NASA’s Juno spacecraft has completed a flyby of Jupiter’s famous Great Red Spot, gazing into the eye of the storm.
While the agency hasn’t released any close-ups just yet, it promises to do so in the coming days, giving us a new angle on the 16 000-kilometer-wide maelstrom that has been churning furiously for centuries.
“On July 4 at 7:30 p.m. PDT (10:30 p.m. EDT), Juno logged exactly one year in Jupiter orbit,” says NASA. “At the time of perijove, Juno was about 2,200 miles (3,500 kilometers) above the planet's cloud tops.”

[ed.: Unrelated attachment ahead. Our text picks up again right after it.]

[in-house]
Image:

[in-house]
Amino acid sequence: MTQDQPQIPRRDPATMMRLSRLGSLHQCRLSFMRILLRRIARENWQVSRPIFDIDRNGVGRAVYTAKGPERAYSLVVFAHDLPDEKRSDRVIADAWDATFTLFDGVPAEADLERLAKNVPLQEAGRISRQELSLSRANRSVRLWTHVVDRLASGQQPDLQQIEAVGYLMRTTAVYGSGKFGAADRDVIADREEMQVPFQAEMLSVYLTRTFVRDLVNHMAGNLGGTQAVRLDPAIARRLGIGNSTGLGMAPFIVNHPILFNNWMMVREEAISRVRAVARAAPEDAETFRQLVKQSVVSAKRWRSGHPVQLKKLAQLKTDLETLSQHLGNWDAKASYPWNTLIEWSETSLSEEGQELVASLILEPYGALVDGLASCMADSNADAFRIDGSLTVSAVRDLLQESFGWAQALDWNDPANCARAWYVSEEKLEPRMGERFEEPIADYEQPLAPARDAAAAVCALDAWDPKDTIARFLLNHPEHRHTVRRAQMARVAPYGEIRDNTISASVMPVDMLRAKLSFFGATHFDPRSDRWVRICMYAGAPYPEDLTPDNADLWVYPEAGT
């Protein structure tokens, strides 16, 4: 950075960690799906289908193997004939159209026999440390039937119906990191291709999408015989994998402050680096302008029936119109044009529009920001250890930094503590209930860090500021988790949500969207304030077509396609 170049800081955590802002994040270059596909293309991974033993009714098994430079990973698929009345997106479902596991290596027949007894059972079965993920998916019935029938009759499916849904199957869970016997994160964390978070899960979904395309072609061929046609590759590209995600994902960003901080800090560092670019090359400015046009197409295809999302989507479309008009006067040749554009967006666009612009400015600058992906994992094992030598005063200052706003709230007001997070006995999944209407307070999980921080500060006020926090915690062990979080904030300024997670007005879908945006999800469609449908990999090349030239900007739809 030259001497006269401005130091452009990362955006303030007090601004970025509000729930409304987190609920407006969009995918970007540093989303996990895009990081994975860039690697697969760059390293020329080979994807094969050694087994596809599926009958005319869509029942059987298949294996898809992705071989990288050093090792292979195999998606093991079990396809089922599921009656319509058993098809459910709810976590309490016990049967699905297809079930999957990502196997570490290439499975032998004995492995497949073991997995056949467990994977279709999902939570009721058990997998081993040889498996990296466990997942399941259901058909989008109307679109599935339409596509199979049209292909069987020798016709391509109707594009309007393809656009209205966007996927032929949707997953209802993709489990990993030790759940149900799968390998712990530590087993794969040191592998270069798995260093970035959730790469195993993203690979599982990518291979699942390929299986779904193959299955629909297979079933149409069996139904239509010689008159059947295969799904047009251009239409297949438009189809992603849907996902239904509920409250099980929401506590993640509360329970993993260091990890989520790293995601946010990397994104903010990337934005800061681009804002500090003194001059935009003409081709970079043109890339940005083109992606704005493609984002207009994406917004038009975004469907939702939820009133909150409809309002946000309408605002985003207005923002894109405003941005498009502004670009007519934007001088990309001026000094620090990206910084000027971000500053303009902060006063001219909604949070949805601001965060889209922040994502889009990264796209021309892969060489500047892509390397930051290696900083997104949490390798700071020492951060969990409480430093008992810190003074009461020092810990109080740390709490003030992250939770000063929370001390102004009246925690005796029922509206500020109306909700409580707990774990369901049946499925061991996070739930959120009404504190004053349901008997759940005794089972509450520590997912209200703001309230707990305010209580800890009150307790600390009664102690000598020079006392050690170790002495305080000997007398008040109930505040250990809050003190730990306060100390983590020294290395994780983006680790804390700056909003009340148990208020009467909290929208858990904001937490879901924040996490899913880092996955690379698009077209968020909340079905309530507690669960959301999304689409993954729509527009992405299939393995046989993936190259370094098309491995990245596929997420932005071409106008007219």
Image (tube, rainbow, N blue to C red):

Juno was launched back in August 2011, with its mission being the study of the solar system’s largest planet.
Once its work in orbit is done, it will be plunged into the gas giant’s atmosphere, unravelling more and more of the planet’s mysteries.
“For generations people from all over the world and all walks of life have marveled over the Great Red Spot,” says Scott Bolton of the Southwest Research Institute. “Now we are finally going to see what this storm looks like up close and personal.”